Hi nowarninglabel, I did publish a post last week comparing our service with Kiva Zip: http://www.huffingtonpost.com/julia-kurnia/zidisha-vs-kiva-z...

I wrote this to provide greater clarity to our users and the public, who frequently asked how our services were different. Some readers had the impression that the post was meant to attack Kiva Zip. That was not my intention.

In fact, Kiva Zip and Zidisha have helped each other, and exchanged lessons learned, for over two years now. See https://zip.kiva.org/blogs/4

Was just reading up on Kiva and Zidisha on Wikipedia, and noticed this on the Kiva talk page. Looks like someone at Zidisha (from a Mountain View IP) edited Kiva's Wikipedia page to add criticism of Kiva and plug Zidisha. Is this part of the "help" you're referring to above?

<< Zidisha Edits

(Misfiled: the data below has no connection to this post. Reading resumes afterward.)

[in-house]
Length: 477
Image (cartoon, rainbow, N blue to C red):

Removed the lengthy section spotlighting a known competing organization, Zidisha from the interest rates section. The information is consistent with Zidisha marketing language and the editor IP is attached to a series of edits inserting Zidisha into other pages. Seems like clear COI: http://en.wikipedia.org/wiki/Special:Contributions/67.188.17...

IP is also in Mountain View, where Zidisha is working this quarter http://www.ip-adress.com/reverse_ip/ https://www.zidisha.org/forum/threads/zidisha-launches-at-y-... — Preceding unsigned comment added by Djbrusca (talk • contribs) 17:01, 3 March 2014 (UTC) >>